Man lucky to be alive after being hit by train in Aylesbury

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A man has cheated death after escaping with minor injuries when he was hit by a train.

The man was cycling over a foot crossing as the train approached and the driver was unable to avoid hitting him.

He leaped from his bike just in time to avoid serious injury or death.

A witness who was driving by at the time said the man was limping and shaken.

The incident was at a foot crossing from Old Stoke Road to Mandeville Road and resulted in two train services being cancelled, with a further 12 delayed.

The injured man spoke briefly to police on the phone after the witness called to report the incident, but did not leave his details and walked off, leaving his mangled bike at the scene.

Police are now trying to trace the man so they can speak to him about what happened.

Gavin Brown, a BTP spokesman, said: “We aren’t treating the incident as suspicious, but we’re concerned for the man’s welfare and need to talk to him about what happened.

“It is sheer luck that he was not seriously injured or killed.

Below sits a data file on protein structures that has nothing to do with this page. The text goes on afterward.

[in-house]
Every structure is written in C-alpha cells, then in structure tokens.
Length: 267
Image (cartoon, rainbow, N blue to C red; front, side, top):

“If you were the man involved, or know who was, please get in touch.”

Paramedics rushed to the scene but by the time they got there the man had gone.

He was last seen heading across Mandeville Road and into the adjacent housing estate following the incident, which took place shortly before 6.50am on May 24.

Police have been looking for the man in the area and have made checks with the accident and emergency department at Stoke Mandeville Hospital, but have turned up no clues so far.

The man is black and around 5ft 10in tall. He was of medium build, with short hair and was wearing a green and black shell suit jacket.

The driver of the 6.44am Aylesbury to Marylebone Chiltern Railways service sounded his horn and applied the emergency brakes when he saw the cyclist, but was unable to stop before striking him with a glancing blow.

The driver quickly reported the incident to transport police.

Andrew Munden, operations and safety director at Chiltern Railways, said: “Cases such as these are thankfully rare nevertheless they are a very frightening experience for both the person involved and for our driver.

“It is incredibly important to observe the safety information when using crossings near the railway to avoid putting yourself in serious danger.”

Mr Brown said: “Trains can approach quietly and often when you do hear an approaching train it can be too late to move out of the way.

“Also, unlike cars, trains can’t swerve to avoid people or items in their path and it can take up to the length of 20 football pitches for a train to stop.”

Anyone with information should contact British Transport Police on 0800 405040, or via text on 61016, quoting reference 60 of May 24, 2013.